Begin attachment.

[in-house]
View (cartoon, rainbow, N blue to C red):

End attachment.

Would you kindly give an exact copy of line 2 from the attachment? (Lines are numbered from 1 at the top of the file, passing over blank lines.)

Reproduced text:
View (cartoon, rainbow, N blue to C red):